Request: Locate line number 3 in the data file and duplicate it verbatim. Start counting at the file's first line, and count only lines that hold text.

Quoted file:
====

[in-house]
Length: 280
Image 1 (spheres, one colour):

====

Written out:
Image 1 (spheres, one colour):